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28751  Politics, Religion, Science, Culture and Humanities / Politics & Religion / WSJ: Do Palestinians really want 2 state solution? on: January 27, 2009, 12:00:47 AM
Good one.  I will look into that site:


By JOSEF JOFFE | From today's Wall Street Journal Europe
What if there is no solution? With the war in Gaza slipping into an uneasy truce, peacemakers will now descend on the Middle East. That includes George Mitchell, President Obama's special envoy to the region.

But is peace possible? The real message of Gaza may be a bloody and cruel testimony to intractability. How shall we count the ways? Annapolis, Wye, Taba, Camp David, Oslo . . . all the way back to 1947 when the Arabs refused the original two-state solution. Looking at this tale of doom, the proverbial visitor from Mars would ask in all innocence: "Could it be that the Palestinians actually don't want two states?"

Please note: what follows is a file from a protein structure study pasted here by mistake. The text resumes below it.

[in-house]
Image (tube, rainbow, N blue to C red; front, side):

No, not if we listen to what Palestinian leaders say and write, especially in Arabic and with no CNN team around. It's one state from the "river to the sea," and the blood-curdling oratory is not just anti-Israel, it is eliminationist anti-Semitic echoing Hitler and Himmler. This is not hyperbole. Just read the daily compilation in English on and recoil in horror. But let's be statesmanlike about this ("you know, the flowery language of the Arabs") and look at the strategic games both sides play. Double-statehood is not the first prize in this game, alas.